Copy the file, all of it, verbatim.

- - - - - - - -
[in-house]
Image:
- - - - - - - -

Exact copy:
[in-house]
Image: